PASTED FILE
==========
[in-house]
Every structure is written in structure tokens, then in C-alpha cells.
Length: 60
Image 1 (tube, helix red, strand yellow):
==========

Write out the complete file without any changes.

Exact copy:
[in-house]
Every structure is written in structure tokens, then in C-alpha cells.
Length: 60
Image 1 (tube, helix red, strand yellow):